Granell, a combatant and journalist defending Spain’s republican government against the fascist uprising led by Francisco Franco, flees to France shortly after the fascist victory. In 1940, with other political and Jewish refugees, he makes his way to the Caribbean. There, he joins the surrealist group around Breton while becoming an axial presence in the Hispanic diaspora. From his time in the Dominican Republic, Guatemala, and Puerto Rico, he enlivens the cultural scenes there while openly criticizing the twin sides of authoritarianism, Fascism and Stalinism; which, in Guatemala, provoke reprisals from Stalinist agents forcing Granell and family to find refuge in the Belgian and Italian embassies. In 1957, he moves to NYC, where he produces exceptional art and gains a professorship in Spanish Literature at Brooklyn College. With Franco’s death and the liberalization of Spain, Granell returns to his native country, recognized as a major artist, where he lives until his death in 2001. Several years later the Granell Foundation and Museum in Santiago de Compostella opens -- to preserve Granell’s legacy and promote research on him and surrealism, with numerous exhibitions.
Toyen, a founder of the Czech surrealist group in 1934, suffers the war years in Nazified Czechoslovakia. In her Prague apartment, she hides her surrealist colleague, Jindrich Heisler, for an extensive period of time. With Heisler half-Jewish from his father’s side, the threat of arrest is quite real. In 1947, as the Iron Curtain descends and political conformities vitiate cultural freedoms, Toyen relocates to Paris. There, she makes brilliant contributions to Surrealism.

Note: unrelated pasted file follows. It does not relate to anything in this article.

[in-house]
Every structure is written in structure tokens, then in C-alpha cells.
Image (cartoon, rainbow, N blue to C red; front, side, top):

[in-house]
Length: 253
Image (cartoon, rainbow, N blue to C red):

Also fraught are the paths of other surrealists. This is especially the case in countries, like Japan, where Surrealism flourished prior to WWII but then, with the war and the general militarization of life, went underground. Post-World War II, particularly in Bucharest, Surrealism sees a significant, if brief, resurgence, until the same aforesaid regressive Soviet bloc policies smother it. In the U.S., where émigré surrealists informed the birth of Abstract Expressionism, for one, a distinctive group does not form until the 1960s in Chicago. Unfortunately, in this instance, the curators adumbrate their coverage, skewing the evolution of this group. At the same time, tracking Surrealism in Egypt, Turkey, Syria and China is eye opening.
With nearly 300 works from 45 countries in the exhibition and catalog (with 50 short essays), this is a moment to consider what it took and takes to identify sentient areas for exploration by image, word, gesture, object, critique, protest and rebellion; actions that can preserve our humanity, and reveal how we relate to, configure and use our natural and constructed world. For the curators, Surrealism, then as now, casts a distinctive light on this compact. Hopefully, creators and scholars drawn to this light will find it an ever seductive and animating force.